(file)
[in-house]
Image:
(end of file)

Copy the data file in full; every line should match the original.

[in-house]
Image: